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Implanting a Drain to Address Continuing Fluid Build-up

Posts: 13
Joined: Oct 2011

My wife is stage 4 lung cancer survivor. She developed shortness of breath during radiation and satrted to accumulate fluid on the lung. She has now had the Thorencentesis procedure on 4 occasions to remove fluid. Each time she feels great for about a week -- then the heavy congestion and wheezing returns. Her pulmonologist suggested a procedure by which they insert a permanent drain that gets sucked out every few days - the spouse can be trained to do the suctioning. Has anyone here has this procedure performed? And does it dramatically improve the ongoing breathing situation?

Thanks for whatever info you can provide.

Charlotte, NC

Posts: 6
Joined: Sep 2011

Sorry to hear about your wife. My wife also has stage iv lung cancer and had a catheter implanted in Aug.

It has worked very well. The name of the drainage kit we use is called "PleurX Drainage Kit" from CareFusion.

My wife drains everyday, 400ml on avg,

Once they train you and you do it a few times its not difficult. Just keep the area clean when putting on the dressing around the drain tube.

Hope this helps.

What chemo is your wife on ?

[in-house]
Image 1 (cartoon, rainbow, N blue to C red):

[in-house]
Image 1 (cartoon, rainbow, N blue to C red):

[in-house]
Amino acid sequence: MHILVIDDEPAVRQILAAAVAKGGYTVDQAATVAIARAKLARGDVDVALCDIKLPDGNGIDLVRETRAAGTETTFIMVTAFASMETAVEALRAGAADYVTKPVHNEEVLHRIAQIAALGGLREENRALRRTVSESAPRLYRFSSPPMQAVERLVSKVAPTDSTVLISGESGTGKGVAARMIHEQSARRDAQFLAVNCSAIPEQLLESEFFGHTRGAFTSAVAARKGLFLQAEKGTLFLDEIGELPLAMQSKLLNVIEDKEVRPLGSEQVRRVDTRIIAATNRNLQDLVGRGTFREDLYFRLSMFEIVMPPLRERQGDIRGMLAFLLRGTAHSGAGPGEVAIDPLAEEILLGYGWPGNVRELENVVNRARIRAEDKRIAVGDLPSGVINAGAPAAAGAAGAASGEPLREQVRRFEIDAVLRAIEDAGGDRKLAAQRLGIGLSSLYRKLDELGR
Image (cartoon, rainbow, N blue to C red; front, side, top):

Currently my wife just started a combination of erbitux and tykerb.

Posts: 13
Joined: Oct 2011

Thanks for your note. Mrgaret is on Tarceva, 150 mg per day. But last week she started with severe exhaustion -- almost out on her feet, so we reduced the dosage to 75 mg. I also talked to the specialty pharmacy pharmacist about fatigue as a side effect -- he did not think her case was consistent with what they usually see. So, I am beginning to think it is the 30 mg oxycondone she is taking every 4 hrs for pain. I usually give her one in the AM before breakfast -- turns out that is worst thing you can do. They told me never take it on an empty stomach -- so I will be vigilant about it.

Thanks for sharing the info about the drain -- 400 ml each day sounds like a lot -- but I expect she feels so much better for it. I hope she continues to do well.


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